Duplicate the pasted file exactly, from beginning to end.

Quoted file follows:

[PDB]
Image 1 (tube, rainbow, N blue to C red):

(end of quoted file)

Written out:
[PDB]
Image 1 (tube, rainbow, N blue to C red):